Valkyrie emerges from the shadows

I first ran into Valkyrie in late 2011 while in San Francisco’s Aquarius Records. aQ, as it is known, is an iconic store that has a way of turning you on to all sorts of things. Valkyrie’s 2008 release, “Man of Two Visions,” has supremely cheesy cover art; and somehow that, plus whatever clever little note aQ placed on it, grabbed my attention and convinced me I should give it a chance. As it turned out, I was thrilled with that album, reveling in my quirky underground find. Sometimes you win, sometimes you lose, and that day my gamble paid off.

Fast forward four years and this band that I thought I would never see again has landed on Relapse Records, a major player in the metal scene, with their new album “Shadows.” More importantly, they are better than ever. With seven years between recordings, Valkyrie has apparently spent the time honing their classic doom-tinged heavy metal to a razor edge. As “Mountain Stomp” blasts to life with swinging groove, the vocal is total classic Pentagram. But what really makes the track shine are the flawlessly executed NWOBHM-style guitar melodies—played in dual harmony, no less! Yes, Valkyrie doesn’t just write classic heavy doom metal; they breathe it in and sweat it out. The whole album oozes with it. The melodies are spectacular, but so too are the frequent guitar solos, every one of which is incredibly soulful.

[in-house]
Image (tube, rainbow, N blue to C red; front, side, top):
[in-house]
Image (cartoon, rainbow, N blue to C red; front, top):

“Soulful” is an apt descriptor for the thunderous “Golden Age” as well, and “Temple” is probably closest to their prior material, with a quirky twang on the main guitar melody. When the solo hits, the passion it exudes is remarkable. By the end, the NWOBHM-like melodies are furiously flying and awe-inspiring. “Shadow of Reality” brings some mid-’70s Black Sabbath at the intro, and finishes with more transcendent melodies. “Wintry Plains” is a favorite for its languid, blues-infused swagger and the slamming chorus. Plus the vocal here takes on a shade of Glenn Danzig in his prime, always a good thing. “Echoes (of the Ways We Lived)” reinstates the Pentagram worship and links it back again to timeless metal melodies. “Carry On” is fittingly epic for a closer, riddled with bluesy licks.

Two bits of interesting trivia here are that guitarist/vocalist Peter Adams is also a member of Baroness, and the album was produced by Sanford Parker of Buried at Sea and Corrections House. Anyone with even a passing knowledge of those three bands is aware that they’ve strayed pretty far away from this style of classic metal. And yet the fact that Adams and Parker are involved in this project is testament that they know and respect their roots. Valkyrie is the real deal, friends … and “Shadows” bleeds pure and glorious heavy metal.

Prepare to rock the fuck out:

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